The LATimes has an interesting article about the strange things people think about money. Chief among the odd behavior was the average person’s answer to the following question:
Would you rather be A or B?
A is waiting in line at a movie theater. When he gets to the ticket window, he is told that as he is the 100,000th customer of the theater, he has just won $100.
B is waiting in line at a different theater. The man in front of him wins $1,000 for being the 1-millionth customer of the theater. Mr. B wins $150.
According to the Times, the average person choses “A”:
Amazingly, most people said that they would prefer to be A. In other words, they would rather forgo $50 in order to alleviate the feeling of regret that comes with not winning the thousand bucks. Essentially, they were willing to pay $50 for regret therapy.
Regret falls under a psychological effect known as loss aversion. Research shows that before we risk an investment, we need to feel assured that the potential gain is twice what the possible loss might be because a loss feels twice as bad as a gain feels good. That’s weird and irrational, but it’s the way it is.
We can’t imagine a world where people would come to the conclusion that it was a good idea to pay $50 to avoid knowing that they didn’t win $1,000. Does not compute.
The article goes on to explain the possible evolutionary causes for such behavior. Evolution’s effect on people’s perception of money is such that the vast majority of people care more about “making more money than other people” than they do about how much money they’re actually making:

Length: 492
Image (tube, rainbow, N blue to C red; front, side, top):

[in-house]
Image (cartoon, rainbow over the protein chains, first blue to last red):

Would you rather earn $50,000 a year while other people make $25,000, or would you rather earn $100,000 a year while other people get $250,000? Assume for the moment that prices of goods and services will stay the same.
Surprisingly — stunningly, in fact — research shows that the majority of people select the first option; they would rather make twice as much as others even if that meant earning half as much as they could otherwise have. How irrational is that?
Obviously the scenario can never happen, but do you feel this way? We suppose it can explain why some people bankrupt themselves just so they can have a better car than their neighbor.
Why people believe weird things about money [LATimes]
(Photo:Joy of the Mundane)